However, because it puts them in a sticky position of having to work for both the seller and the buyer, many agents don’t practice dual agency—and some states don’t even allow it. I believe it creates a conflict of interest. After all, clients hire me to represent their best interests. How can I do that when I'm sitting on both sides of the table?
What does a real estate agent commission cover?
Though people certainly have the option of selling (or buying) their house without a real estate agent, agents provide clients a wide range of services, including helping you price your home, marketing it (on the multiple listing service, social media, and other venues), negotiating with home buyers, and ushering the home sale through closing.
As trained experts, real estate agents can help you fetch top dollar for your house and put out fires—while also alleviating some of the stress that comes with selling a home. (It’s no picnic!) I might be biased, since I’m an agent myself, but great ones earn their keep.
Want proof? Just look at the numbers: A recent survey found that the typical "for sale by owner" home sold for $190,000, compared with $249,000 for agent-assisted home sales, according to the National Association of Realtors®. That’s in line with a recent survey from Keeping Current Matters that found that homes listed for sale with a real estate agent sell for $46,000 more on average than FSBO houses. Perhaps that explains why 92% of home sellers use an agent to sell their house.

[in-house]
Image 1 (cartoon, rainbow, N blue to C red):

Is a real estate agent commission negotiable?
Though 5% to 6% tends to be the norm, commission standards can vary from state to state and among brokerages. Still, there are no federal or state laws that set commission rates—meaning commission is negotiable.
In other words, if you’re a home seller, you can certainly ask your agent to reduce their commission, but be aware that he is not obligated to do so.
A factor to consider: Because the marketing dollars for a property generally come from the agent’s commission, a lower commission could mean less advertising for your house.